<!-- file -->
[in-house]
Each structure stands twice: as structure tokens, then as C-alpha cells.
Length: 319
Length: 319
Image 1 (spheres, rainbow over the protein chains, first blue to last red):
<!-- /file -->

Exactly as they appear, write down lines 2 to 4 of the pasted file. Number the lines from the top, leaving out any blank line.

Each structure stands twice: as structure tokens, then as C-alpha cells.
Length: 319
Length: 319